The great thing about place to place hiking is that stuff happens. Tonight we expected to be staying in a dormitory but although we are on top of a mountain we have our own room, own shower and own space. After another really tough day in the snow and the rain, getting cold with wet feet, you can't imagine how our mood has been transformed by some genuine comfort.
For reasons too complicated to repeat this was always going to be a tough day. I had turned two short days into one massive one and we were facing a 10 hour walk with rain forecast in the afternoon. There was also a big pass to cross early in the day, the Friesenbergscharte (2904m) which, given recent weather, had a lot of snow on it.
We started from Tuxer Joch Hütte in the middle of ski heaven. The Hintertux glacier provides year round skiing and there were diggers everywhere preparing the piste for next winter. Ski heaven is summer walkers hell, an ugly scared mountain side, but we decided to sup with the devil and take a cable car up to just above Spannegelhaus and slice 300m of climb off the schedule.
Catching the lift meant that we were on our own. Two other couples had decided to avoid the walk across the valley but they were many cable cars behind us and there were no foot prints to guide us up across a snow covered boulder field to the pass. We had to make our own way up, stepping gingerly on snow and rock as we climbed up the steep mountainside.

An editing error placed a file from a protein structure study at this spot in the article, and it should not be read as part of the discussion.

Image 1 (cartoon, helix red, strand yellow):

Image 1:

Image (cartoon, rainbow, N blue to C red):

On the other side it was another world. In the distance partially covered by cloud were the huge Zillertal mountains, in the middle ground a lake and a hut, and immediately ahead was a sheer drop.
Our experience of fixed ropes has grown enormously on this trip and Christine now regards a 200m rope assisted descent as a thing of joy, even when you are descending through fresh snow.
|Tentative first steps from the Frisenbergscharte|
|Getting a grip and enjoying the Frisenbergscharte descents|
|Heading down toward the Freisenberg Haus|
|And yet more ropes|
Having dropped down we started a long long contour walk up to the border with Italy. We stopped for lunch at the Olpererhütte (where most people stop for the night) and carried on along what was a tough but frankly amazing path with huge horizontal rock slabs for much of the surface. A highlight was a herd of goats which smelt so bad that I think I have been put off goats cheese for life.
The weather forecast we picked up this morning turned out to be painfully accurate. True to form for the Alps this summer, the clouds dropped and the rain fell. Frustrating, because the views disappeared but also a bit scary as the signs were warning us that the path was graded black. It felt too late to turn back and so we pressed on, getting colder and wetter and seeing very little through the swirling cloud. Three and a half hours later we were crossing the border and climbing up to the hut and Italian alpine heaven.
|Goat's cheese anyone|
|And into Italy|